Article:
Oligoraja pristina

Reinecke, 2015

Classification: Elasmobranchii Rajiformes Rajidae

Reference of the original description
Reinecke, T. (2015)
Batoids (Rajiformes, Torpediniformes, Myliobatiformes) from the Sülstorf Beds (Chattian, Late Oligocene) of Mecklenburg, northeastern Germany: a revision and description of three new species. Palaeovertebrata, 39, Article e2

Oligoraja pristina
Holotype: SMF.: P 9849; Paratype: SMF.: P 9850; SMF.: P 9851; SMF.: P 9852; SMF.: P 9853; SMF.: P 9854; SMF.: P 9855; SMF.: P 9856; SMF.: P 9857; SMF.: P 9858; SMF.: P 9859;


Citation: Oligoraja pristina Reinecke, 2015: In: Database of fossil elasmobranch teeth www.shark-references.com, World Wide Web electronic publication, Version 12/2021

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Oligoraja pristina sp. nov., Sülstorf Beds, Chattian, Kobrow, Mecklenburg-Vorpommern, Germany. A, anterior tooth of a male, H = 0.9 mm, W = 1.0 mm, L = 1.1 mm, A1 labial view, A2 basal view, A3 lingual view, A4 profile view, A5 occlusal view, SMF P 9849, holotype. B, anterior tooth of a male, H = 0.98 mm, W = 0.96 mm, L = 1.04 mm, B1 labial view, B2 basal view, B3 lingual view, B4 profile view, B5 occlusal view, SMF P 9850, paratype 1. C, anterior tooth of a male, H = 1.11 mm, W = 1.16 mm, L = 1.12 mm, C1 labial view, C2 basal view, C3 lingual view, C4 profile view, C5 occlusal view, SMF P 9851, paratype 2. D, anterior tooth of a male, H = 0.8 mm, W = 1.0 mm, L = 0.8 mm, D1 labial view, D2 lingual view, D3 profile view, D4 basal view, D5 occlusal view, SMF P 9852, paratype 3. E, anterior tooth of ? juvenile male, H = 0.8 mm, W = 0.8 mm, L = 0.7 mm, E1 labial view, E2 profile view, E3 basal view, E4 lingual view, E5 occlusal view, SMF P 9853, paratype 4. F, anterior tooth of ? juvenile male, H = 0.7 mm, W = 0.7 mm, L = 0.8 mm, F1 labial view, F2 profile view, F3 basal view, F4 lingual view, F5 occlusal view, SMF P 9854, paratype 5. © Reinecke (2015)

Original description after Reinecke (2015) p. 12-17 [22769]: This batoid species has the smallest teeth extracted from the Sülstorf Beds, as their maximum diameter is always less than 1.4 mm. Our material can be divided into two different morphological groups. About two dozen specimens, displaying minor dimensional variation, show a cuspidate crown, set on a stocky, low root (Figs. 9A-D). The bulk of the material has lower crowns that are almost equidimensional (Fig. 10) and shows a continuous, though minor variation of height-to-width and width-to-length ratios which may be indicative of gradient heterodonty. A few smaller specimens with apically rounded, rather low cusps are intermediate between the two morphs (Figs. 9E-F). While the cuspidate, higher-crowned teeth likely represent anterior jaw positions of male individuals, the lower-crowned teeth are possibly from lateral files of male dentitions and from female dentitions. The smallest, cuspidate specimens, measuring less than 1 mm in maximum diameter (Figs. 9E-F), may be considered as anterior teeth of juvenile/ subadult males. The cuspidate teeth have a symmetrical crown with a strong, lingually inclined cusp, which merges into a laterally expanded, elliptical crown basis with lobate outline in occlusal view (see Figs. 9A5, 9B5, 9C5, 9D5). Weak cutting edges, displaced to the lingual part of the cusp, extend from the apex to half of the cusp length. A labial cutting edge (labial keel) is not present. In profile view, the labial outline of the cusp is straight (Fig. 9B4), or smoothly convex (Figs. 9C4, 9D3) or slightly kinked (Fig. 9A4). The crown tip is sometimes shortened by wear (Figs. 9B4, 5). The lingual visor has a smoothly convex outline. In the holotype, the labial visor forms a prominent bulge which markedly overhangs the root (Figs. 9A2, 4, 5). The labial bulge is less prominent in other, probably more laterally placed teeth (Figs. 9B5, 9C5, 9D5). The holaulacorhize root is always lower than the crown and branches into wide root lobes which in basal direction diverge more laterally than lingually (e.g. Figs. 9A3, 4). One or two small foramina open into the wedge-shaped nutrient groove. Marginolingual foramina are not present. The submillimetric teeth with cuspidate to globular crown morphology (Figs. 9E, F) have a variably strong labial bulge, a rounded crown apex in labial/lingual view, and a transverse crest with short mesial and distal cutting edges. Lower-crowned teeth (Figs. 10A-E) have a lateral-symmetrical crown with a transverse crest that is slightly shifted in lingual direction. In labial/lingual view the transverse crest forms a well rounded cusp which merges into oblique to subhorizontal heels. In occlusal view, the crown basis shows a lobate outline which is similar to that of cuspidate teeth (see above). The lobate shape is enhanced in teeth with the labial visor forming a distinct bulge (Figs. 10A4, 10C4, 10E4) and the lingual visor a moderate uvula (Figs. 10B4, 10C4). The crown faces are always smooth. The axial regions of the labial and lingual crown face are convex, whereas the lateral regions are flat to slightly concave. Cutting edges are missing in several teeth (Figs. 10D, 10E). If short, faint cutting edges are present in the apical region, they do not extend to the lateral heels. In profile view, the outline of the labial crown face is straight to convex, and the outline of the lingual face is variably concave (Figs. 10A5, 10C5, 10D5).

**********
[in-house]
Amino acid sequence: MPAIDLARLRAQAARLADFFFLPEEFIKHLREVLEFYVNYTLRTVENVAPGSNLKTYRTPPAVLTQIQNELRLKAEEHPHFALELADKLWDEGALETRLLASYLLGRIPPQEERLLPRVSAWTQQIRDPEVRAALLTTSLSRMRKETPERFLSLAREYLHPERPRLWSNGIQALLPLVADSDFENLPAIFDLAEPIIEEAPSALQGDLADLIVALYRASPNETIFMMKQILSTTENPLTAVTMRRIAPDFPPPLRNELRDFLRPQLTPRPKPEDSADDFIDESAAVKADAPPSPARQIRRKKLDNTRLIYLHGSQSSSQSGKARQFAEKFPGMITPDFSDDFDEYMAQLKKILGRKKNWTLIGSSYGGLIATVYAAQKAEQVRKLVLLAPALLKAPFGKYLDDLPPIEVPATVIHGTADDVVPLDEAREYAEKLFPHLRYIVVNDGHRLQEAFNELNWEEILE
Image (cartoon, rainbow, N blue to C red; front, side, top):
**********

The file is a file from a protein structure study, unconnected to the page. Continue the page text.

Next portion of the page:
type species of Oligoraja Reinecke, 2015 p. 14 [22769] by original designation (Art. 68.2 ICZN);

valid after Reinecke (2015) p. 14 [22769];

Reinecke, T. (2015)
Batoids (Rajiformes, Torpediniformes, Myliobatiformes) from the Sülstorf Beds (Chattian, Late Oligocene) of Mecklenburg, northeastern Germany: a revision and description of three new species. Palaeovertebrata, 39, Article e2